"Eeeks", you may say, but a new robot which can travel down your intestines is opening up exciting possibilities of medical breakthrough, though patients are still unwilling to let 'creeps' inside them
FEELING poorly? You might get to know what is wrong deep inside you by swallowing a snake- a robotic snake, that is -designed to wind its way through your intestines and photograph any abnormality there by its miniature video cameras. If it is a robot that slithers or wriggles or creeps, then the California Institute of Technology, us, has had something to do with it. For years, Caltech researchers have built and modified malleable robots based on nature. Some of the earlier models, like the centipede, the worm and the slug ultimately paved the way for the Robosnake. Says I J oel, leader of the Caltech research team, "It can crawl into places where conventional robots can't reach." The models are different in structure and function -some crawl fast, some are slow and stable; some are for fluid, slippery surfaces, while others are for those with high friction.
Joel and his team started their work on 'bending robots' as it seemed a niche idea, without any possible use in mind at the outset. Robosnake, however, was built for a very specific purpose. It was designed to explore the human gut. The tubular snake is made of two different components. These are two flexible concentric tubes. The outer transparent cover is equipped with inflatable pockets that can swell up and thus grip the intestinal walls from inside. The inner tube has got stretching segments and these are responsible for pushing the snake backward and forward. The inner tube is also lined with miniature video cameras that can be remotely con- trolled for aperture and focus. The snake has a tiny transmitter embedded at one end that can send the digitised images of the intestinal snapshots. Like an endoscope, the snake is inserted through the throat and placed at the start of the gut, from where "it sets off on its own steam".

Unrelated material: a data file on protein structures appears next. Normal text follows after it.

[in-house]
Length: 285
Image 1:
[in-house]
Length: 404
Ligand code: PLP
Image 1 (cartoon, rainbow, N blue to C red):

The Robosnake has been tested in simulated environs of an artificial intestine. The projected uses for this device would looking for cancerous tumours, but it would also be able to take simple biopsy samples. Another application could be unlocking of intestinal block- ages.
Though it sounds feasible enough, the question remains whether patients would agree to have an 'inanimate' creature crawling through their intestines. "Initially, the idea seems weird, even creepyat times," says Joel, "but the only alternative is to go under a surgeon's knife, recovering after a couple of months and living with a five-inch scar on the stomach."
Robosnake, however, would be tried on a real patient only after the team figures out what to do if it gets stuck. None of the suggestions, unfortunately, sound very pleasant, to say the least. The snake can be ordered to 'self-destruct' and the small pieces would ultimately be flushed with the natural end-products of the digestive system. The possibility of a small parts persisting in the body, how- ever, remains. Another idea is to attach a fine steel cable to the snake and drag it out when required. Patients, no doubt, would not like that either. Joel's futuristic idea has not yet been lapped by any major multinational pharmaceutical firm. But he has already embarked on a project to build mini-Robosnakes, which will wriggle their ways through veins and arteries. That would be some- thing surely worth the wait.
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